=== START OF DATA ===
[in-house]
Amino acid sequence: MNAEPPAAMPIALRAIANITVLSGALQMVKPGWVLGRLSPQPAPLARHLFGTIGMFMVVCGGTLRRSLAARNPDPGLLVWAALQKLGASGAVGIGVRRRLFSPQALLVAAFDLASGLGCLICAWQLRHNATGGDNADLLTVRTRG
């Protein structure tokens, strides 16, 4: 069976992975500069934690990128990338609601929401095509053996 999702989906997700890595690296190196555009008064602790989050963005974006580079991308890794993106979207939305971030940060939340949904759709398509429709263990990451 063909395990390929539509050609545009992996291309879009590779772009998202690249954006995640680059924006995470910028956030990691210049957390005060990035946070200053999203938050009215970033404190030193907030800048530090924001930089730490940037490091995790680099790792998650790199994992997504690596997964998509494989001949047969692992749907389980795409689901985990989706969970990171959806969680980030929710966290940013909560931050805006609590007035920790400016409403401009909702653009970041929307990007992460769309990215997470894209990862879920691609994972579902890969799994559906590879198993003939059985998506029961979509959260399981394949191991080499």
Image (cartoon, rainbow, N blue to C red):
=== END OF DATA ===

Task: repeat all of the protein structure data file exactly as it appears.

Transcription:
[in-house]
Amino acid sequence: MNAEPPAAMPIALRAIANITVLSGALQMVKPGWVLGRLSPQPAPLARHLFGTIGMFMVVCGGTLRRSLAARNPDPGLLVWAALQKLGASGAVGIGVRRRLFSPQALLVAAFDLASGLGCLICAWQLRHNATGGDNADLLTVRTRG
């Protein structure tokens, strides 16, 4: 069976992975500069934690990128990338609601929401095509053996 999702989906997700890595690296190196555009008064602790989050963005974006580079991308890794993106979207939305971030940060939340949904759709398509429709263990990451 063909395990390929539509050609545009992996291309879009590779772009998202690249954006995640680059924006995470910028956030990691210049957390005060990035946070200053999203938050009215970033404190030193907030800048530090924001930089730490940037490091995790680099790792998650790199994992997504690596997964998509494989001949047969692992749907389980795409689901985990989706969970990171959806969680980030929710966290940013909560931050805006609590007035920790400016409403401009909702653009970041929307990007992460769309990215997470894209990862879920691609994972579902890969799994559906590879198993003939059985998506029961979509959260399981394949191991080499």
Image (cartoon, rainbow, N blue to C red):